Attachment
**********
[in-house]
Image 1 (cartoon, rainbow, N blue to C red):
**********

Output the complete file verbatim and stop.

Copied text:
[in-house]
Image 1 (cartoon, rainbow, N blue to C red):